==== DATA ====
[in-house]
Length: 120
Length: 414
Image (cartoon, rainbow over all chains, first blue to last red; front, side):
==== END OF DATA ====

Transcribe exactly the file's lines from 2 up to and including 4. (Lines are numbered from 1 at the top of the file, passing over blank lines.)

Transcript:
Length: 120
Length: 414
Image (cartoon, rainbow over all chains, first blue to last red; front, side):